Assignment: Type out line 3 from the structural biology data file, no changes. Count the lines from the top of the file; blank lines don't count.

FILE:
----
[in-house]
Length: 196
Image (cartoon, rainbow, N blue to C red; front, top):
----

Image (cartoon, rainbow, N blue to C red; front, top):